National Insurance CEO: Get haredim off welfare

Prof. Shlomo Mor-Yosef says that the large number of welfare recipients harms the people who really need help.

"A person who brings himself to such a state, or who is brought to such a state, is shocking by every measure," National Insurance Institute director general Prof. Shlomo Mor-Yosef told "Globes". He was speaking in response to the self-immolation by Moshe Silman at a demonstration on Saturday night because of his financial situation and what he called the unresponsiveness of the system, including the welfare system and National Insurance.

In his first interview since the incident, Mor-Yosef said, "This is a kind of suicide with a very clear message. The message and the pain stand out sharply. No one can remain indifferent, whether you are involved or whether you are guilty or not."

On the morning when anonymous vandals set fire to the entrance to the National Insurance Institute office in Ramat Gan and sprayed "Moshe Silman's price tag" on the wall, Mor-Yosef fears that the National Insurance Institute will turn into a symbol of obtuseness and a target of public anger.

"The National Insurance Institute, with its wide-ranging activities, is an institute that takes care of the social safety net and seeks to reduce gaps as much as possible. But in the end, the rules of its operations are set by the Knesset, and not by the National Insurance Institute. The Institute's employees do the best they can to provide service, and we want to improve the service as much as possible. I don’t think that it is right to see the National Insurance Institute as a symbol of the regime that people are demonstrating against," says Mor-Yosef.

Haredim should get off welfare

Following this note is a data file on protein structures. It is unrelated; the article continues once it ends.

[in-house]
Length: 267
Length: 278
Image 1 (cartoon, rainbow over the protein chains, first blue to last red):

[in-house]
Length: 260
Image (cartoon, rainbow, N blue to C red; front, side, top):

Mor-Yosef took care to say that Silman's case involved a string of events and various factors, which led to its deterioration, but he does not evade the issue when asked if he believes that a person recognized as having 100% disability should and could live on an allowance of NIS 2,300 a month. "The answer is clear," he says. "An allowance of this amount is not enough to live on. In Israel, National Insurance is meant as the last safety net because you have nothing, but this safety net is minimal. I am aware of this."

Mor-Yosef implies that the factors which have resulted in Israel having the one of the lowest levels of welfare payments in the West is due to the number of welfare payments granted, including universal payments, such as child allowances and old-age pensions, which are granted regardless of the economic status of the recipient. "Obviously, there is a trade-off between universal welfare payments and differential pensions, and if more people receive universal welfare payments it will come at the expense of other payments. On the other hand, people justly say, 'I paid National Insurance all my life. Why should I get nothing?'"

"Globes": So you share the idea of equal burden with the social protest movement? Is the position of the haredim (ultra-orthodox) in society and in the labor market related to the issue of welfare payments?

Mor-Yosef: "When I appeared before the Plesner committee, I told them one thing: sever military service from the labor market. Let them work, because otherwise you sentence them to poverty. If they aren’t in the labor market, or in National Service, or in military service, which contributes to society, they'll remain in the welfare market."

Do you think that the Ministry of Finance has too much power in setting Israel's welfare policy?

"It's very convenient to blame the Ministry of Finance, and it's wrong. Ultimately, there is only one pie, and when we pay almost NIS 70 billion in welfare payments a year, then it's clear that change at the National Insurance has a large impact, which is why they look at us. We recently examined the level of welfare payments in the past decade, and found that, even after alowing for demographics and inflation, the amount of welfare payments rose by an average of 10% in real terms. Most the positive change was in child allowances and disability allowances. But it's clear that from the moment that we became a member of the OECD, we want to be there and invest in welfare like the OECD. This also means narrowing gaps in the inequality index and other indices. We have something to strive for."

Published by Globes [online], Israel business news - - on July 17, 2012

© Copyright of Globes Publisher Itonut (1983) Ltd. 2012

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